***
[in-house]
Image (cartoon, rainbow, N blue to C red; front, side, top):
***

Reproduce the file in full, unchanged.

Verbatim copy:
[in-house]
Image (cartoon, rainbow, N blue to C red; front, side, top):